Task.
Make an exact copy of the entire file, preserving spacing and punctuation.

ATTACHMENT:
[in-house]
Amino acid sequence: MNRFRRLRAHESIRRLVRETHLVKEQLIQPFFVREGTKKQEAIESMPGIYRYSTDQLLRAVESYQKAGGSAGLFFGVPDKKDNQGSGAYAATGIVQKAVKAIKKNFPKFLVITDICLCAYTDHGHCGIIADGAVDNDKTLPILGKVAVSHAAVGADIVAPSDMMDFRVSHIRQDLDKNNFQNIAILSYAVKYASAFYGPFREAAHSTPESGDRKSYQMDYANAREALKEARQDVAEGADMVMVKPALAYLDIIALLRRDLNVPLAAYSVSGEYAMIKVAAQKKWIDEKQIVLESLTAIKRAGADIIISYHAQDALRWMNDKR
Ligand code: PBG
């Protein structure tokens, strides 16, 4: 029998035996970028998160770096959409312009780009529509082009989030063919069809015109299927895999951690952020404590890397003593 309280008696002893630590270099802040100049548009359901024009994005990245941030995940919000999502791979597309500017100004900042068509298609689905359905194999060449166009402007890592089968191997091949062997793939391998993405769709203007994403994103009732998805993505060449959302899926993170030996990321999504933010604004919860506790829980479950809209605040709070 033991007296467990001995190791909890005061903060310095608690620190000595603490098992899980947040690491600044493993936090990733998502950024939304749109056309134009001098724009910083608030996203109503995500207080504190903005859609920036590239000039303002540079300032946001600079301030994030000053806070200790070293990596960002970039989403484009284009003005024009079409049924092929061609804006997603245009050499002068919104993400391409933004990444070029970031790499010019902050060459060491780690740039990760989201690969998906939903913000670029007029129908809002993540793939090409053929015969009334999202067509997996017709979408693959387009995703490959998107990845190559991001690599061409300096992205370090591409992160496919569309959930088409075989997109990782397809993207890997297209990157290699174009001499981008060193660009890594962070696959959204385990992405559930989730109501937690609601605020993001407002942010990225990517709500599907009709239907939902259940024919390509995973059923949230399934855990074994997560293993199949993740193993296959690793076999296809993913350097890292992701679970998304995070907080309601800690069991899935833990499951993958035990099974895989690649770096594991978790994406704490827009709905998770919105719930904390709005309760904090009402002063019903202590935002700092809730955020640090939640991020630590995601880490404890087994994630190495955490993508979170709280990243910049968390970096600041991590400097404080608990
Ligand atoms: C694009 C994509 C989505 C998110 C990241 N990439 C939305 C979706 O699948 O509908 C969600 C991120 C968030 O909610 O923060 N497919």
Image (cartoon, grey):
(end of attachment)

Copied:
[in-house]
Amino acid sequence: MNRFRRLRAHESIRRLVRETHLVKEQLIQPFFVREGTKKQEAIESMPGIYRYSTDQLLRAVESYQKAGGSAGLFFGVPDKKDNQGSGAYAATGIVQKAVKAIKKNFPKFLVITDICLCAYTDHGHCGIIADGAVDNDKTLPILGKVAVSHAAVGADIVAPSDMMDFRVSHIRQDLDKNNFQNIAILSYAVKYASAFYGPFREAAHSTPESGDRKSYQMDYANAREALKEARQDVAEGADMVMVKPALAYLDIIALLRRDLNVPLAAYSVSGEYAMIKVAAQKKWIDEKQIVLESLTAIKRAGADIIISYHAQDALRWMNDKR
Ligand code: PBG
């Protein structure tokens, strides 16, 4: 029998035996970028998160770096959409312009780009529509082009989030063919069809015109299927895999951690952020404590890397003593 309280008696002893630590270099802040100049548009359901024009994005990245941030995940919000999502791979597309500017100004900042068509298609689905359905194999060449166009402007890592089968191997091949062997793939391998993405769709203007994403994103009732998805993505060449959302899926993170030996990321999504933010604004919860506790829980479950809209605040709070 033991007296467990001995190791909890005061903060310095608690620190000595603490098992899980947040690491600044493993936090990733998502950024939304749109056309134009001098724009910083608030996203109503995500207080504190903005859609920036590239000039303002540079300032946001600079301030994030000053806070200790070293990596960002970039989403484009284009003005024009079409049924092929061609804006997603245009050499002068919104993400391409933004990444070029970031790499010019902050060459060491780690740039990760989201690969998906939903913000670029007029129908809002993540793939090409053929015969009334999202067509997996017709979408693959387009995703490959998107990845190559991001690599061409300096992205370090591409992160496919569309959930088409075989997109990782397809993207890997297209990157290699174009001499981008060193660009890594962070696959959204385990992405559930989730109501937690609601605020993001407002942010990225990517709500599907009709239907939902259940024919390509995973059923949230399934855990074994997560293993199949993740193993296959690793076999296809993913350097890292992701679970998304995070907080309601800690069991899935833990499951993958035990099974895989690649770096594991978790994406704490827009709905998770919105719930904390709005309760904090009402002063019903202590935002700092809730955020640090939640991020630590995601880490404890087994994630190495955490993508979170709280990243910049968390970096600041991590400097404080608990
Ligand atoms: C694009 C994509 C989505 C998110 C990241 N990439 C939305 C979706 O699948 O509908 C969600 C991120 C968030 O909610 O923060 N497919």
Image (cartoon, grey):